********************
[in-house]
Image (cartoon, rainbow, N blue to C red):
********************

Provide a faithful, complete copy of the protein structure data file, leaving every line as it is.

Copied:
[in-house]
Image (cartoon, rainbow, N blue to C red):